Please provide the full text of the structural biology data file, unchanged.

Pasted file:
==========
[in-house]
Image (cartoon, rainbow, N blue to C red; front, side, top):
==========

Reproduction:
[in-house]
Image (cartoon, rainbow, N blue to C red; front, side, top):